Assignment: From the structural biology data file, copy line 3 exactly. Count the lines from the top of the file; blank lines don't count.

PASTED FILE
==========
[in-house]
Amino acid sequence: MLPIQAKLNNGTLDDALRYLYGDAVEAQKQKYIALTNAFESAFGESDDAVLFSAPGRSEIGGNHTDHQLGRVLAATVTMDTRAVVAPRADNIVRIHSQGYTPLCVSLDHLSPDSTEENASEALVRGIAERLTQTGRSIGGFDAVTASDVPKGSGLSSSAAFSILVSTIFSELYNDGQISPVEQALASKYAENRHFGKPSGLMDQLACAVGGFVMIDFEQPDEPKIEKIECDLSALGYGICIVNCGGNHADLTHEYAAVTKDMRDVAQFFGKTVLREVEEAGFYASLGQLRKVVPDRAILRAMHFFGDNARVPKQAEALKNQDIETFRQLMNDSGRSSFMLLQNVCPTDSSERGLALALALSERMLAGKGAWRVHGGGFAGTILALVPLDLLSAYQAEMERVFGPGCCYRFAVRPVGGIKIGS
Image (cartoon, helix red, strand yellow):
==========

Image (cartoon, helix red, strand yellow):